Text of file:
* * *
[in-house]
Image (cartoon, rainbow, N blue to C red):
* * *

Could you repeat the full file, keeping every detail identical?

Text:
[in-house]
Image (cartoon, rainbow, N blue to C red):